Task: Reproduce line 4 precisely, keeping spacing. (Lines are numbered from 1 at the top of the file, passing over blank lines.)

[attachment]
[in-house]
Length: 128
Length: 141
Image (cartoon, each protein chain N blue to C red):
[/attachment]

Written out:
Image (cartoon, each protein chain N blue to C red):